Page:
Three things I stress with my people team: first, the importance of being in the office; second, having real conversations with employees; and third, work/life blend.
Rethinking the workplace:
Champion in-person collaboration
No one wants to hear this, but face time is essential for collaboration, sharing, and problem-solving. Being together in a workplace helps us build closer-knit relationships and develop leaders at every level. It doesn’t have to be five days a week. Two to three days on site will make a difference.
Save high-collaboration activities, like brainstorming new ideas or engaging in collective problem-solving, for days in the office. Encourage teams to come in together for specific meetings. Also help them to distinguish what they can do best together from what they can do when working from home.
Talk to employees about the work that matters most
Don’t expect to have an engaged workforce if you never talk about engagement with your employees.
Train managers to meet quarterly with direct reports to find out what matters most to them and what keeps them engaged in their job.
Ask questions like: Are they finding joy in their job? What are the things they want to change? If they received a call from a recruiter, would they take it and why?
Once you’ve done a few of these sit-downs, you’ll notice trends. Almost always, these conversations surface problems that are within managers’ control to solve, which can make the difference whether a person stays or leaves.
Defend employees’ right to work/life blend
Work/life balance assumes everything should be equal. It never is. When I worked at Facebook, there were days I had a deadline, which meant I might not make dinner with my boys. But I never missed that football game at 3pm.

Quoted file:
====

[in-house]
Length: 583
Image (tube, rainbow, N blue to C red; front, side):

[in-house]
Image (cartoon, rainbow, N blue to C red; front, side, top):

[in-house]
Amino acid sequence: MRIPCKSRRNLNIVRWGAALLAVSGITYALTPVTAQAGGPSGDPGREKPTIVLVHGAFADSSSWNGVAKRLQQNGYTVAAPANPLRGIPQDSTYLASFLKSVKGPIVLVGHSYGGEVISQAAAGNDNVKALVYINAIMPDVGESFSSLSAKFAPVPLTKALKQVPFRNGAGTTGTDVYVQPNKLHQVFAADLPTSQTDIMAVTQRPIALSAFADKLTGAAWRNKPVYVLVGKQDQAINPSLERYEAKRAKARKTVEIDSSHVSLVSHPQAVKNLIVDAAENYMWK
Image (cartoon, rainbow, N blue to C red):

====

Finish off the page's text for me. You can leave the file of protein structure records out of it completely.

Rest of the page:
Work/life blend is about making in-the-moment choices on decisions we all face everyday. Does work come first right now, or is it family?
Do I go into the office on Tuesday and Thursday so I’m free to pick up the kids the rest of the week?
A leader’s job will be to ensure a flexible, hybrid work environment, so employees can blend their various life commitments. We should coach our people to weigh-up the options and take advantage of the flexibility they may already have.
Nearly 80% of companies are officially hybrid. Most are hybrid at-will, meaning that employees can choose which days they come into the office. Some have a split-week policy, in which companies assign specific days of the week for on-site and remote work by team or function.
Whether your company embraces a hybrid work model or not, be prepared for a world complexity as more people come back to the office. Give yourself space to think through the problems of re-establishing a workplace community.
How will you tackle fair incentives across all offices and remote locations? Or, how might you glean insights from your workplace data to make better decisions?
There are many ways to carry forward – and most will involve trade-offs. You’ll need to strike a balance. But with some trial and error, you and your team can create a workplace experience that your people will love and appreciate.
Annette Reavis is the chief people officer at Envoy